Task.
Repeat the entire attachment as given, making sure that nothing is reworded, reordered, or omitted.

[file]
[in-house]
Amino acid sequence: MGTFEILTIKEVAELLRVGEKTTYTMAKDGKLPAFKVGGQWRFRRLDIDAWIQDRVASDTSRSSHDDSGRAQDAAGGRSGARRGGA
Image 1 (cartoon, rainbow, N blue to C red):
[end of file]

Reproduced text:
[in-house]
Amino acid sequence: MGTFEILTIKEVAELLRVGEKTTYTMAKDGKLPAFKVGGQWRFRRLDIDAWIQDRVASDTSRSSHDDSGRAQDAAGGRSGARRGGA
Image 1 (cartoon, rainbow, N blue to C red):